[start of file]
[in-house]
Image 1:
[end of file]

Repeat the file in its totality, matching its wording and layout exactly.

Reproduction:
[in-house]
Image 1: